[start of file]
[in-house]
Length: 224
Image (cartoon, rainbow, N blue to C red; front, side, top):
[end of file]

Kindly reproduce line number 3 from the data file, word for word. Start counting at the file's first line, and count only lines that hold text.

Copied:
Image (cartoon, rainbow, N blue to C red; front, side, top):